Bile is released into the small intestine in order to help in the digestion of fats by breaking down larger molecules into smaller ones. After the fat is absorbed, the bile is also absorbed and transported back to the liver for reuse. The pancreas is a major organ functioning as an accessory digestive gland in the digestive system.
It is both an endocrine gland and an exocrine gland. The endocrine part releases glucagon when the blood sugar is low; glucagon allows stored sugar to be broken down into glucose by the liver in order to re-balance the sugar levels. The pancreas produces and releases important digestive enzymes in the pancreatic juice that it delivers to the duodenum.
The pancreas lies below and at the back of the stomach. It connects to the duodenum via the pancreatic duct which it joins near to the bile duct's connection where both the bile and pancreatic juice can act on the chyme that is released from the stomach into the duodenum. Aqueous pancreatic secretions from pancreatic duct cells contain bicarbonate ions which are alkaline and help with the bile to neutralise the acidic chyme that is churned out by the stomach.
The pancreas is also the main source of enzymes for the digestion of fats and proteins. Some of these are released in response to the production of CKK in the duodenum.
The enzymes that digest polysaccharides, by contrast, are primarily produced by the walls of the intestines. The cells are filled with secretory granules containing the precursor digestive enzymes.
The major proteases , the pancreatic enzymes which work on proteins, are trypsinogen and chymotrypsinogen. Elastase is also produced. Smaller amounts of lipase and amylase are secreted. The pancreas also secretes phospholipase A2 , lysophospholipase , and cholesterol esterase. The precursor zymogens , are inactive variants of the enzymes; which avoids the onset of pancreatitis caused by autodegradation.
Once released in the intestine, the enzyme enteropeptidase present in the intestinal mucosa activates trypsinogen by cleaving it to form trypsin; further cleavage results in chymotripsin. The lower gastrointestinal tract GI , includes the small intestine and all of the large intestine. The lower GI starts at the pyloric sphincter of the stomach and finishes at the anus.
The small intestine is subdivided into the duodenum , the jejunum and the ileum. The cecum marks the division between the small and large intestine. The large intestine includes the rectum and anal canal. Partially digested food starts to arrive in the small intestine as semi-liquid chyme , one hour after it is eaten. After two hours the stomach has emptied. In the small intestine, the pH becomes crucial; it needs to be finely balanced in order to activate digestive enzymes.
The chyme is very acidic, with a low pH, having been released from the stomach and needs to be made much more alkaline.
This is achieved in the duodenum by the addition of bile from the gall bladder combined with the bicarbonate secretions from the pancreatic duct and also from secretions of bicarbonate-rich mucus from duodenal glands known as Brunner's glands. The chyme arrives in the intestines having been released from the stomach through the opening of the pyloric sphincter. The resulting alkaline fluid mix neutralises the gastric acid which would damage the lining of the intestine.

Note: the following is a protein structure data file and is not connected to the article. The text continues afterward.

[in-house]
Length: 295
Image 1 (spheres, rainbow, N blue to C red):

The mucus component lubricates the walls of the intestine. When the digested food particles are reduced enough in size and composition, they can be absorbed by the intestinal wall and carried to the bloodstream. The first receptacle for this chyme is the duodenal bulb. From here it passes into the first of the three sections of the small intestine, the duodenum. The next section is the jejunum and the third is the ileum. The duodenum is the first and shortest section of the small intestine.
It is a hollow, jointed C-shaped tube connecting the stomach to the jejunum. It starts at the duodenal bulb and ends at the suspensory muscle of duodenum. The attachment of the suspensory muscle to the diaphragm is thought to help the passage of food by making a wider angle at its attachment. Most food digestion takes place in the small intestine. Segmentation contractions act to mix and move the chyme more slowly in the small intestine allowing more time for absorption and these continue in the large intestine.
In the duodenum, pancreatic lipase is secreted together with a co-enzyme , colipase to further digest the fat content of the chyme. From this breakdown, smaller particles of emulsified fats called chylomicrons are produced. There are also digestive cells called enterocytes lining the intestines the majority being in the small intestine. They are unusual cells in that they have villi on their surface which in turn have innumerable microvilli on their surface.